Is Court Reporting Considered a Specified Service Trade or Business (SSTB) under the new law?

Due to the new tax law changes made in 2019, some questions about whether or not court reporters (or court reporting firms) qualify for the 199A tax deductions have come up. The answer seems to hinge on whether or not stenography is one of the exempted SSTBs. Or does it fall under the larger law category?

First, here is the IRS brief about this issue:
https://www.irs.gov/newsroom/tax-cuts-and-jobs-act-provision-11011-section-199a-qualified-business-income-deduction-faqs

And now some opinions from various sources who all seem to agree that 'stenography' is not an SSTB:

OPINION #1
https://www.cshco.com/articles/understanding-the-specified-service-trade-or-business-exceptions-to-the-qbid/
The “performance of services in the field of law” is defined in the proposed regulations as “the performance ofservices by individuals such as lawyers, paralegals, legal arbitrators, mediators, and similar professionals performingservices in their capacity as such.” Not caught in the SSTB trap are printers, delivery services, or stenographyservices. As such, court reporters who own all or a portion of their business may look forward to the QBID.

OPINION #2
https://www.taxconnections.com/taxblog/what-is-a-specified-service-or-trade-businesssstb/#.XFr9Xs9KjOQ
2. Law – Proposed §1.199A-5(b)(2)(iii)“Performance of services in the field of law means the provision of services by lawyers, paralegals, legal arbitrators,mediators, and similar professionals…”This does not include the provision of services that do not require skills unique to the field of law including:
• printers
• delivery services
• stenography services


OPINION #3
https://rsmus.com/what-we-do/services/tax/lead-tax/partnerships/a-closer-look-at-the-new-pass-throughdeduction-proposed-regulat.html
Somewhat similarly, services in the field of law are defined as “the performance of services by individuals such aslawyers, paralegals, legal arbitrators, mediators, and similar professionals performing services in their capacity assuch” and does not include the provision of services that do not require skills unique to the field of law. Forexample, this would appear to exclude from the SSTB definition a firm that exclusively provided printing, deliveryservices, or stenography services, apparently even if the business provided such services only in connection withlegal matters, such as a legal printer or a process server. However, if a law firm or its owners purported to providesuch services separately from its traditional legal services, the taxpayer would need to scrutinize the anti-abuse rulerelating to activities that are “incidental” to an SSTB.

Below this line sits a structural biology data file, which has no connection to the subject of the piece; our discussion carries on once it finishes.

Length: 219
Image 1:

OPINION #4
https://www.forbes.com/sites/alangassman/2018/08/22/beautiful-losers-the-discriminatory-nature-ofthe-199a-proposed-regulations/#7514f840201c
So, what that means is, if a lawyer owns his own firm, and sets up another company to do dictation and stenographyfor the law firm - services that do not fall under the practice of law - that company will not qualify for its 20%deduction under 199A. The kicker is, these services would otherwise fall under the 199A deduction, but because alawyer owns 51% of the stenography company it will not qualify for its deduction.

OPINION #5
https://esdlawfirm.com/199apropregs
Law. Prop Reg § 1.199A-5(b)(2)(iii) provides that the performance of services in the field of law means theprovision of services by lawyers, paralegals, legal arbitrators, mediators, and similar professionals in their capacity assuch. It does not include the provision of services that do not require skills unique to the field of law, for example,the provision of services in the field of law does not include the provision of services by printers, delivery services,or stenography services.

What do you think?
Wednesday, February 06, 2019

Author
Todd Olivas

Todd Olivas is a court reporter and entrepreneur.
He founded TO&A in 2003.

  Comment by Sandra Johansen | Wednesday, March 20, 2019
Hello Todd,
If you have the time, I would appreciate your input for a few questions (I realise I`m a bit off topic, sorry for that!).
I`ve been looking into the options for working from home, and stumbled upon scoping.
I became interested and have been looking into what they do, how to become one etc.
I have read scopists blogs, but figured what I really needed was a court reporters view:
1. Do court reporters prefer to work with scopists who have gone to a school, or are they perfectly willing to work with someone who trained online (schools like Internet Scoping School for example).
2. Would a court reporter be willing to work with someone NOT from the U.S., as long as they had relevant training and mastered English well?

Have a great day!

Sandra

  Comment by court reporter sacramento | Tuesday, March 26, 2019
The kicker is, these services would otherwise fall under the 199A deduction, but because a lawyer owns 51% of the stenography company it will not qualify for its deduction.


  Comment by Lloyd Bronson | Tuesday, October 29, 2019
I find myself agreeing with the first opinion, which states that court reporters will benefit from the QBID. My father is looking to hire these services in the up and coming future. I`ll be sure to send your article to him, as he is a business-focused man.


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